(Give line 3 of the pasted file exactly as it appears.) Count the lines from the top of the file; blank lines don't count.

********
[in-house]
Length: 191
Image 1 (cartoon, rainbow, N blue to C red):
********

Image 1 (cartoon, rainbow, N blue to C red):